Core-Halo Age Gradients in Young Stellar Clusters
We are delighted to welcome a trio of guest bloggers to discuss their work related to the newest Chandra press release on star clusters and star formation. Konstantin Getman, Eric Feigelson, and Michael Kuhn are colleagues at Penn State University and are all involved in the Massive Young Star-Forming Complex Study in Infrared and X-ray (MYStIX) project led from that institution.
Figure 1: From left to right, Michael Kuhn, Eric Feigelson, and Konstantin Getman.
For decades there has been much debate about how clusters of stars form from molecular clouds. In the simplest case of a small gravitationally collapsing cloud, a single star cluster ’rapidly’ forms during a few hundred thousand years. But in the case of star formation distributed in a filamentary and turbulent cloud, which may be more realistic for giant molecular clouds, multiple small clusters may form over a period of million(s) of years, later interacting and merging to form a single massive star cluster.
Wide age spreads for young stars in clusters are found using traditional age methods, and would seem to support the slow mode of star formation. For instance, recent optical studies of the nearest rich young stellar cluster, the Orion Nebula Cluster (ONC), often considered to be a benchmark of star formation, based on the optical ground-based and Hubble Space Telescope data find that the cluster has a mean age of around 2 million years and an age spread of 2-3 million years around the mean. However, several problems affect the age estimate analysis in ONC. Firstly, the optical data are blinded by the bright gas near the cluster core, thus missing many stellar members in the center. Secondly, the age estimates for individual stars could be highly uncertain. It thus can be difficult to disentangle real astrophysical ages from the observed age spread in the cluster.
In this context, we present a new estimator of pre-main sequence stellar ages derived from X-ray and near-infrared (NIR) properties of young stars that can be applied to more distant and obscured clusters than the nearby ONC. The method is also less sensitive to Galactic field stars and bright background light from the nebula. When applied to the ONC, our Chandra-based sample has nearly uniform sensitivity to young stars across the entire cluster. And instead of evaluating the age spread for individual stars, we estimate median ages of stars in rings at different distances from the center of the cluster (Figure 2). By doing so we discover that the core of the ONC cluster is younger (1.2 million years old) than the halo of the cluster (about 2 million years old). We obtain even more dramatic results – with a core only 0.2 Myr old – for the second-richest cluster in the Orion Molecular Clouds, NGC 2024 associated with Flame Nebula.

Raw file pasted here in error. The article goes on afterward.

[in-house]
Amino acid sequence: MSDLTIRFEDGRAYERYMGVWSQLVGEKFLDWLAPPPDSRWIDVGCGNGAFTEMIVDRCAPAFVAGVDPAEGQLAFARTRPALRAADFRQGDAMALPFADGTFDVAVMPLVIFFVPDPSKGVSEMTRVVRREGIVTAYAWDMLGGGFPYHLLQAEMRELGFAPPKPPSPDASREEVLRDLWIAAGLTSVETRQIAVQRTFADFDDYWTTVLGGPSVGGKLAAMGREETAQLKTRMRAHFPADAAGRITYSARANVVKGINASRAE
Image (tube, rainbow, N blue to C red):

The first implication of our results is that age spreads in young stellar clusters are real: they do not arise from a single nearly-instantaneous burst of star formation. If clusters truly formed exceedingly rapidly, our age estimates for different cluster subregions would be similar. Our results, however, do not specify a precise mechanism of asynchronous formation. Perhaps star formation continues longer in the core region, accelerating until the gas is depleted. Perhaps gaseous filaments feed material for continued star formation into the core. Perhaps older stars are ejected into the cluster halo during subcluster mergers. Or perhaps all of these mechanisms are involved.
We hope that computer simulations of the movement of cloud material and newborn stars can now focus on reproducing our results for the Orion and Flame Nebula clusters to give realistic understanding of cluster formation processes. And we will extend our empirical studies to other rich young stellar clusters in the solar neighborhood.
Figure 2: Chandra images of the ONC (left) and NGC 2024 (right) young stellar clusters. Rings at different distances from the centre of the cluster used in our age analysis are marked by the ellipses of different colors. The numbers state our derived median ages for the stars (in million years) within the different rings of the clusters.
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